Gypsum vs. lime: Facts about minerals
Evaporite minerals occur naturally in Kansas as geologic deposits. As the name would imply, these form by the evaporation of sea water millions of years ago.
Gypsum and limestone are two evaporite minerals found in Kansas and used for agricultural amendments. Some facts:
- Lime is CaCO3. The chemical name is calcium carbonate.
- Gypsum is CaSO4.H2O. It can occur in many forms. Selenite is the crystal form shown in the photo below. The powdery form mined for sheetrock and agriculture is called alabaster.
- Lime and gypsum can both be used to supply calcium as a fertilizer.
- Gypsum contains sulfur (S) and a ton of gypsum contains about 320 pounds of S.
- Lime is used to increase soil pH.
- Gypsum does not affect soil pH. Elemental S is the correct form to use to reduce pH.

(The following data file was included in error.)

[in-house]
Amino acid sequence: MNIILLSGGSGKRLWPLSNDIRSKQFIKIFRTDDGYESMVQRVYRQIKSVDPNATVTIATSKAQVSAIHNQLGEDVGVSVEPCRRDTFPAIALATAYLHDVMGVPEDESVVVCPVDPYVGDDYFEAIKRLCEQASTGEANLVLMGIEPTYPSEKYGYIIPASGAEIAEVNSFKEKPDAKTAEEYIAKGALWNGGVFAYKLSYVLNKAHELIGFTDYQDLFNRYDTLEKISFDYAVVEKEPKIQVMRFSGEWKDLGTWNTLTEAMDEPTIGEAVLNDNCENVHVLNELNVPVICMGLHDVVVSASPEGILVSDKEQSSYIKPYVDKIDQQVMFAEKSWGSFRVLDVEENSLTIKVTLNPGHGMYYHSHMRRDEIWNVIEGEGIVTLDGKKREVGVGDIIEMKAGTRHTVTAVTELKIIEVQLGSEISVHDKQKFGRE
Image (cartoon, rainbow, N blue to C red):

- Gypsum’s most common use in Kansas agriculture is to remediate sodic soils.
- Gypsum is ≈200 times more soluble than lime.
- Gypsum is usually only found naturally in the soil profiles of the more arid parts of the state.
- Lime occurs as nodules of calcium carbonate deep in the soil profile in most of eastern Kansas. In western Kansas, it can occur very near the surface.
- “FGD” stands for flue gas desulfurization. FGD gypsum is produced at coal-burning power plants in the process of removing S from the air emissions, and is approved for land-application in Kansas.
Figure 1. Gypsum (in selenite form) outcrop in Hodgeman County. Photo by DeAnn Presley, K-State Research and Extension.
For more information, see a 2011 Extension publication titled “Gypsum as an agricultural amendment” by L. Chen and W.A. Dick, Ohio State University, at: http://ohioline.osu.edu/b945/b945.pdf
For more on saline and sodic soils, refer to the eUpdate:
DeAnn Presley, Soil Management Specialist